You’ve got budget approved, interviewees appointed and the film crew is due next week. Great! The process of filming a B2B video is exciting and one that we love taking clients through. If it’s the first time you’ve done this, though, you may be a little unsure of what to expect. The crew may have mentioned needing parking and told you the size of room required, but what else do you need to do in order to keep the day running smoothly?
Distilled from our years of filming interviews on location, here are the top 3 things you can do to enjoy a smooth B2B video shoot — and get great content from it.
1: Make sure that interviewees are prepared — and appropriately dressed
It’s easy to give interviewees notes or a script and assume they’ll arrive ready to go, but we find this is often not the case. Make sure they understand the importance of preparing properly in advance, and if possible get them to practise. We’ve known even experienced interviewees to practise over a weekend at home with long-suffering partners, and this always pays off for them in the quality of the content captured.
Dress is also important. Avoid stripy clothes and complex patterns (they can cause odd effects on video). And if it’s a green-screen shoot, then, naturally, green clothes are a no-go. Otherwise, it looks like we’re talking about naturally green clothes!
You can find more on preparing to appear on camera in this blog and ebook.
2: Don’t just assume that access will take care of itself
Even if company policy doesn’t require visitors to be escorted, the crew usually won’t know where to go and will depend on someone being there who does. If you’re organising the shoot and not going to be there (after all, the filming location may not be at your office or the crew may be arriving very early in the morning), make sure that somebody else is. Don’t assume. Arrange specifically for someone to be available and contactable by reception.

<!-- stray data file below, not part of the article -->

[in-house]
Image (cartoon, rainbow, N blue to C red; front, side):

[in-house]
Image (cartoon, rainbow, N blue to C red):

Sites sometimes also require security clearance or special permissions to bring cameras and associated equipment in. Organise these ahead of time, or risk costly delays.
If you’ve got the crew capturing other footage (of people, places or activities), you’ll also need to ensure that they can get to everywhere you want them to go. Assuming that permissions aren’t an issue, appoint a chaperone for the day who has the necessary access.
3: REALLY make sure there’s enough space
A camera crew brings a lot of kit with them – they’ll always bring lights, they may be setting up multiple cameras, and as mentioned there may be a green screen. Don’t assume that any office will do; usually all this setup needs at least 15 square feet (1.4m2) of space. If you aren’t sure and the crew is local, ask them to come over and tell you which rooms would be best – or send them some photos and measurements. Remember: the more room you can give the camera crew, the better your video will look in the end.
Prepare and enjoy
Usually, a B2B video company will happily take the time to help you prepare if you ask them. They want to do great work and know that proper preparation directly affects the quality of the footage captured and the video produced.
The best crews can also adapt to tricky scenarios (we once had a memorable shoot in a restaurant that was still under construction!). But taking the time to get organised before the day will mean less time spent overcoming obstacles and more creating beautiful video content for you.